As a country that experience seasonal changes significantly, most of Japan’s festivities, although highly influenced by culture and religion, have that seasonal element to it. There are quite a few popular festivals in Japan which are celebrated on a particular day in a particular month.
There also are some age-specific festivals which are celebrated to show maturity. These festivals are celebrated when a person reaches a certain age and therefore, not celebrated on a fixed day or a month of the year.
Here, let’s take a look at some of the age-specific and season-specific festivals in Japan which aren’t always under the spotlight but interesting and unique nonetheless.
In Japanese shichi, go, and san means seven, five, and three respectively. Accordingly, this particular festival is dedicated to young girls of the age seven and three as well as young boys aged five. Shichi-Go-San is celebrated on 15 November every year to bring good luck, prosperity, and good health for the Japanese children of the certain age since in Japanese belief the numbers; seven, five, and three are considered to be lucky numbers.
This rite of passage festival was first celebrated in the Heian Period (794 – 1185), only by the court nobles who celebrated their children’s passage to the middle childhood in good health since child mortality rates back then were alarmingly high. Over the years the Samurais of Japan have added a few rituals to the festival; three of which are now being practiced widely.
Kamioki: Is the festival for the
three-year-old girls, which marks the growing of hair officially. Traditionally, the Japanese baby girls had their heads constantly shaven from the seventh day since their birth until their third birthday.
Hakamagi-no-Gi: Is the second ceremony, dedicated to five-year-old boys. This ceremony is similar to the Western practice of ‘breeching’ which marked a young boy wearing formal attire for the first time.
Hakamagi-no-Go marks the first time a young boy wearing the formal attire hakama (a traditional Japanese clothing) and haori (a traditional hip or thigh-length jacket worn over a kimono).
Obitoki-no-Gi: Is the third ceremony, which is dedicated to seven-year-old girls. Until they are seven years of age, the Japanese girls wear the traditional kimono sans the obi (the traditional sash). The wearing of this sash for the first time is symbolic of the girl entering the womanhood. Until then the girls used to wear a lightweight scarf or an informal string to tie the kimono.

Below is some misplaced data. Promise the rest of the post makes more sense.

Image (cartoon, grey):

On the day, the seven-year-old Japanese girls visit Shinto shrines with their parents for the sash-wearing ceremony and are given a special candy called Chitose Ame (thousand-year candy). This long, thin and usually red and white candy is made out of sticky rice and sugar and is wrapped in a paper bearing images of storks and turtles which symbolises protection and longevity, respectively.
The Japanese word tsukimi literally means ‘moon viewing’. Accordingly, this festival is all about observing the full-moon on the full-moon day which falls in between 15 August and 15 September, according to the Japanese lunar calendar. This particular full-moon day falls during autumn when the skies are clear and the nights are neither cold nor too hot so, many Japanese youngsters as well as elders actively take part in Tsukimi. Just like us Sri Lankans, the Japanese children too believe that there is a rabbit on the moon but according to their folklore, this rabbit is on the moon making rice cakes for the moon. On the Tsukimi night the Japanese children view the full-moon, and sing and dance for the rabbit. They also prepare dango – a special sweet made out of rice flour – and offer it to the moon.
Usually celebrated in July every year, Segaki is a ritual related to Japanese Buddhism during which the Japanese offer food and beverages to dead family members. The Japanese go to temples with the offerings and dedicate them to their dead family members, wishing the good deed will help them escape hell. They also visit the gravestones of the departed family members and clean them before offering flowers and incense sticks. Segaki is strikingly similar to the Sri Lankan Buddhist ritual of mathaka danaya which involves giving alms to the temple in memory of dead family members.
This festival is celebrated for seven days, twice a year; March and September. The fourth day or the day in the middle is called higane and it has exactly 12 hours each for day and night, while in the other six days the duration of the day and night is only more or less the same. During these seven days the Japanese follow Buddhist practices; meditation, developing patience, strengthening courage, and improving spiritual wisdom.
The festival has a deep religious history that dates back to over 1,200 years. During Higan, the Japanese visit local Buddhist temples and offer, food, flowers, and incense sticks. They walk around the temple premises chanting various religious chants and make wishes.
Yukimatsuri is the Japanese snow festival which is celebrated during the winter months of December, January and February. The main snow festival of Japan is celebrated in Sapporo – the capital of Japan’s northernmost main island, Hokkaido. The main festival takes place at the Odori Park in Sapporo where grand snow sculptures of gods, animals, mythical creatures, heroes, stories of Japanese folklore, and other contemporary designs and sculptures are on display. The festival, as of late, has taken a rather commercial turn, despite its traditional origins, and now attracts millions of local and foreign tourists to sapporo every February.
(Translated by Sanuj Hathurusinghe)
By Chandana Ranaweera